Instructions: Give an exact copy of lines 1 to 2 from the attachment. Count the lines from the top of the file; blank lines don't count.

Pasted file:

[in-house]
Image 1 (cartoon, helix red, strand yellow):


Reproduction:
[in-house]
Image 1 (cartoon, helix red, strand yellow):